Interview with Cassia Leo, author of The Heiress
25 Sep 2017
What can you tell us about your new release, The Heiress?
This book is my first release in more than a year, and was heavily influenced by the experience of taking care of my mother, who was diagnosed with Alzheimer’s a few years ago. Taking care of a parent is a journey so many of us have made, or will make in the future. It’s a journey that requires community or it can become very isolating. There’s definitely a bit of me in Kristin, my main character.
What or who inspired you to become an author?
I don’t think there was just one influence. I had a great number of teachers who encouraged me. My kindergarten teacher Mrs. Slattery made me stay after school every day for extra reading lessons. My first grade teacher Mr. Bushong who taught me to read at an eighth-grade level. My fourth and sixth-grade teacher Miss Elliott who helped me create my first hardcover book, which I still have to this day. Then, there were the authors I read as a child and as an adult, who inspired me by transporting me with their words. Ultimately, it was my former employer, who laid me off after our company was hit hard by the recession. The experience inspired me to take a chance on a lifelong dream.
Which books would we be surprised to find on your shelves?
Probably Letters from a Stoic by Seneca or Wise Thoughts for Every Day by Tolstoy. I also have a lot of autographed books from authors, my favorite being my signed copy of Gone Girl.
What’s your favorite thing about writing?
The idea that I continue to learn every day, whether through research or through epiphanies that come during the writing process.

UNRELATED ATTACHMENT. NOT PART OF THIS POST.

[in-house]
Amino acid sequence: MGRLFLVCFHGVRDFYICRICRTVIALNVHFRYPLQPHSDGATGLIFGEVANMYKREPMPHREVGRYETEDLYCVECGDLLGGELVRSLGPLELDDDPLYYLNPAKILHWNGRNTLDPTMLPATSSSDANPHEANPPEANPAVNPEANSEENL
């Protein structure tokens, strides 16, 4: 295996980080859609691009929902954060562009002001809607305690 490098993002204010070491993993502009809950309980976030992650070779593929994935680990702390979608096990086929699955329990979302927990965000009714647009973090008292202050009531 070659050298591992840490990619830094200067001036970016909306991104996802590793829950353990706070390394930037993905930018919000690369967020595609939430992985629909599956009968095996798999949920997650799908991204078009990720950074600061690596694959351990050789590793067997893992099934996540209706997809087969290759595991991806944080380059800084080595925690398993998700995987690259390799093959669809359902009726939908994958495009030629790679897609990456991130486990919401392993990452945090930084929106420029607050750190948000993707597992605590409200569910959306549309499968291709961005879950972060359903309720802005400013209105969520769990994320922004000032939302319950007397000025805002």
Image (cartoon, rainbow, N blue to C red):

Where is your happy place? Why does it bring you joy?
Curled up on the sofa with a strong cup of black coffee next to me, a good book in my hand, and a sleeping dog at my feet. I don’t think anything could ever be quite so perfect.
What’s the best advice you’ve ever received?
I’ve received so much advice over the years. But I think the pervasive cliché my parents planted in my head, that I could be anything I wanted to be if I set my mind to it, is probably still the best advice I’ve received. My dad used to love telling me and my sisters that he didn’t care what we became—a writer, janitor, or prostitute—as long as we did our best. Like me, my dad had an air for drama.
What scene in The Heiress was your favorite to write?
The epilogue. It’s always the epilogue.
Do you have a motto, quote or philosophy you live by?
Actually, I put my motto in The Heiress, word for word, in Chapter 23, so it might be a bit of a spoiler to write it here. But I have plenty of favorite quotes I try to live by, one of which is from the book Illusions by Richard Bach, “Argue for your limitations and, sure enough, they are yours.”
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